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From |
"JVerkuilen (Gmail)" <jvverkuilen@gmail.com> |

To |
statalist@hsphsun2.harvard.edu |

Subject |
Re: st: Quantile Regression |

Date |
Tue, 2 Oct 2012 22:12:59 -0400 |

On Tue, Oct 2, 2012 at 7:31 PM, Steve Samuels <sjsamuels@gmail.com> wrote: > > Without details (see FAQ 3.3 first sentence), we can only guess. This > could happen if 1) you did not set the same random seed before each > -sqreg- and -bsqreg- command; 2) the number of bootstrap replicates > differed between -sqreg- and -bsqreg- runs; or 3) -sqreg- does not > rejects replicates in which convergence failed for any quantile. If the standard errors are different it's no great surprise if you're running bootstrap. All the stuff said makes sense. Check on a known dataset (such as auto) and fix the seed. > By the way, the manual states that -sqreg- is faster than -bsqreg-. I believe that computationally there are some speedups due to the fact that the linear program can be solved for one and simply updated to get the rest of the quantiles, but I could be mistaken. Roger Koenker's book (Quantile Regression, Oxford University Press, 2006) discusses computation in detail. Also there are analytic options to bootstrapping that might be much faster. -qreg- generates standard errors analytically using a weighting matrix and density estimator of the residuals. . sysuse auto . qreg price mpg Median regression Number of obs = 74 Raw sum of deviations 142205 (about 4934) Min sum of deviations 129521.7 Pseudo R2 = 0.0892 ------------------------------------------------------------------------------ price | Coef. Std. Err. t P>|t| [95% Conf. Interval] -------------+---------------------------------------------------------------- mpg | -135.6667 67.26576 -2.02 0.047 -269.7585 -1.574816 _cons | 8088.667 1483.808 5.45 0.000 5130.749 11046.58 ------------------------------------------------------------------------------ . bsqreg price mpg, reps(999) *note that bsqreg defaults to 20!?!?!?! Median regression, bootstrap(999) SEs Number of obs = 74 Raw sum of deviations 142205 (about 4934) Min sum of deviations 129521.7 Pseudo R2 = 0.0892 ------------------------------------------------------------------------------ price | Coef. Std. Err. t P>|t| [95% Conf. Interval] -------------+---------------------------------------------------------------- mpg | -135.6667 35.63527 -3.81 0.000 -206.7043 -64.62906 _cons | 8088.667 889.0486 9.10 0.000 6316.381 9860.953 ------------------------------------------------------------------------------ In this case the standard errors are markedly different and playing with the different methods in -qreg- gives quite different values, but I don't really know enough to be able to comment on why. I am inclined to trust the bootstrapped ones because this problem has a rather small N. I suspect that it is very slow on a huge problem though, given that it needs to sort the residuals. Koenker did a good deal of work on alternatives such as inverting a test of some sort; I think the R implementation of quantile regression has this. Again see his book. > I've never had the luxury of having so many observations to analyze. I > imagine that almost every simple model can be rejected, so that model > building and validation are real challenges. Randomly subsample and do a real cross validation? Jay -- JVVerkuilen, PhD jvverkuilen@gmail.com "Out beyond ideas of wrong-doing and right-doing there is a field. I'll meet you there. When the soul lies down in that grass the world is too full to talk about." ---Rumi * * For searches and help try: * http://www.stata.com/help.cgi?search * http://www.stata.com/support/faqs/resources/statalist-faq/ * http://www.ats.ucla.edu/stat/stata/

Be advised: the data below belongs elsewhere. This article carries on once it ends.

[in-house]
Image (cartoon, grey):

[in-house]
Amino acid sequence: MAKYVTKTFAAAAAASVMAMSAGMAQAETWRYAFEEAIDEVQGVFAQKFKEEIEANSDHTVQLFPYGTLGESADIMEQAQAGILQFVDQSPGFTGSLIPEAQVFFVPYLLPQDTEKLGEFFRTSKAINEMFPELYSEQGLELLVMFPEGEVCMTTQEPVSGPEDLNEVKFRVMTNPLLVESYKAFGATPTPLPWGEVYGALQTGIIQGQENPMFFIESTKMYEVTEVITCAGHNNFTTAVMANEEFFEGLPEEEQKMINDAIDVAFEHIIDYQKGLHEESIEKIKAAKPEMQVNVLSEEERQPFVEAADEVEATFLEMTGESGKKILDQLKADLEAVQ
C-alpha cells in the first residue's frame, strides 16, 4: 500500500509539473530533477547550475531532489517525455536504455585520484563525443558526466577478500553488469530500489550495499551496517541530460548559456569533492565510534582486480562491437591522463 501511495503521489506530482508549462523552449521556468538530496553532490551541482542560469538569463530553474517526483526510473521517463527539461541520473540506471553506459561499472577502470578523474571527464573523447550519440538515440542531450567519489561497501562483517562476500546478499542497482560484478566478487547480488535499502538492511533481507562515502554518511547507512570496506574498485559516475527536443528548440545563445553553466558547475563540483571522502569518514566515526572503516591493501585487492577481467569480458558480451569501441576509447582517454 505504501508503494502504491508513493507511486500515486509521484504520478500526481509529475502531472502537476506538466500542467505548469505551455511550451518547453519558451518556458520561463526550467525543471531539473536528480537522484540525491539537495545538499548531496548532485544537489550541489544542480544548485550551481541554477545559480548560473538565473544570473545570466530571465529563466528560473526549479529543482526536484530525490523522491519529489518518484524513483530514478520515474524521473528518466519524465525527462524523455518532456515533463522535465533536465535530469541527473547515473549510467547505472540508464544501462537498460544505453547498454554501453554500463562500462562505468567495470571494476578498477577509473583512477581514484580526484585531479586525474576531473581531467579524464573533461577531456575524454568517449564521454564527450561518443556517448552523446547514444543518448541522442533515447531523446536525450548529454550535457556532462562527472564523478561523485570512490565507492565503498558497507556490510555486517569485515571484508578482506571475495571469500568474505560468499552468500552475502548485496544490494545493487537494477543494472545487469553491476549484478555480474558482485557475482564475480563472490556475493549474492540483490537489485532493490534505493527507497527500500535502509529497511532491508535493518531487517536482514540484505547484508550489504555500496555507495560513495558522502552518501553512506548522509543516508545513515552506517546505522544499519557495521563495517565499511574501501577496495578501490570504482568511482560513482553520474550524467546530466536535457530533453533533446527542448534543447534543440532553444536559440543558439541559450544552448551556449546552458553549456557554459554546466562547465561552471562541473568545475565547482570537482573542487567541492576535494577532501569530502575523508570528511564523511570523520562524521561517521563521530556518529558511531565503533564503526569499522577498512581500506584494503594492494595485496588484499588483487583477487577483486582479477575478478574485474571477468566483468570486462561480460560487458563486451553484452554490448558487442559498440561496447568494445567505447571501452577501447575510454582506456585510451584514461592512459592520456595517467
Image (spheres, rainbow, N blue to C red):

**Follow-Ups**:**Re: st: Quantile Regression***From:*Robert Davidson <rhd773@gmail.com>

**References**:**st: Quantile Regression***From:*Robert Davidson <rhd773@gmail.com>

**Re: st: Quantile Regression***From:*Steve Samuels <sjsamuels@gmail.com>

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